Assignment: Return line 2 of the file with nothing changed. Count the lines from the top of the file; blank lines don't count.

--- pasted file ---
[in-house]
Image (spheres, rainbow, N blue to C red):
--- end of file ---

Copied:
Image (spheres, rainbow, N blue to C red):